Focusing less on reducing crashes and more on reducing fatalities

Friday, July 6th, 2018

The rate of people severely injured or killed in traffic accidents in Sweden has tumbled by about two-thirds since officials there started rethinking the problem two decades ago:

Anders Lie, a traffic specialist at the Swedish Transport Administration, says his country has managed to make its roads safer through its unconventional approach to traffic oversight: focusing less on reducing crashes and more on reducing fatalities.

“People will make errors and mistakes all the time,” Mr. Lie says. Thus, he says, traffic laws and infrastructure need to be designed with those errors in mind.

For example, in the U.S., people often walk or bike alongside cars legally traveling 45 miles an hour, Mr. Lie says. A better speed limit in such zones would be 25 mph, he says, citing research published by the Swedish Transport Administration in conjunction with the European New Car Assessment Program, an association of governments and consumer and motoring groups that tests vehicles and sets crash standards.

The risk of a pedestrian being killed by a vehicle traveling 18 to 25 mph is “very very small,” he says, citing the same research. Speeds in that range are acceptable for residential areas, he says. But city traffic, he says, should be capped at 30 mph, and freeway traffic at 50 mph.


Many strategies being deployed in Sweden are simple but grounded in science: lower speed limits, tougher drunken-driving laws, a more-rigorous approach to driver’s education. Redesigning roads can be more effective than attempting to change driver behavior, officials have found. Sweden has invested heavily in installing guardrails, which reduce the potential for head-on collisions, and roundabouts, which eliminate accidents typical of crossroad-type intersections. Mr. Lie says that on wide roads where median guardrails have been added, and where previously nothing divided the opposing lanes, fatalities have plunged 80%.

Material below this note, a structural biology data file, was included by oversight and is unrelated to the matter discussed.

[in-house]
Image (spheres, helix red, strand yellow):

1. Graham says:

    Well, cards on table. I am a pedestrian and bus user more than anything else. Drive occasionally but never needed to actually own a car.

    I live in a city and neighbourhood lately obsessed with traffic calming, speed bumps, bike lanes, etc. Ride over a speed bump in a bus with a driver weakly paying attention, though they are mostly good here, and you’ll wake from your reverie in a hurry.

    I have never once in my life felt imperilled from a car at an intersection, and obviously not at all when walking on a sidewalk parallel to their road.

    Bicycles, both using my sidewalk and in cutting corners at intersections, are a constant menace. My deepest hatreds in this life are reserved for the cycling community and their advocates. I would like to see corporal punishment for those using my sidewalks. I’m of course willing to not see such an extreme position advocated, but I think of it every time one of our idiot councillors or neighbourhood associations is banging on about cyclists’ safety, road access, etc.

    That felt good, thanks.

    Although that was not intended to be entirely tongue in cheek, here on a more serious note. I am closer to where they are on the speed analysis, though with the caveat that the advocacy side of the population here is already pushing for even lower limits.

    We have a number of two-lane through roads that are 40 km/h [close enough to 25 mph] and that strikes me as fine for roads of this size, though 50 [31 mph] isn’t going to do anyone any harm. Naturally, we have people who want them to be a tongue-crawling 30 km/h [18.8 mph] or slower, and still with speed bumps.

    Our city main roads default to 50 km/h [31] or 60 [37], which strike as reasonable, based on road size and configuration. Naturally, we have people screeching that we need to slow things down for the children.

    I don’t normally like to adopt this pose, but at that point I really must, as just how much dumber children are today than when I was one of them? That and how often do I see kids playing outside, let alone in the street? Sometimes. Not a lot.

    Sigh. I suppose I’d be willing to take this sort of thing on board in parts. But really “advice from Sweden” to me is basically the same sort of branding that William F. Buckley once meant when he started a log entry “The US Conference of Catholic Bishops has announced… but how can I go on?”

  2. Graham says:

    Sorry for typos!

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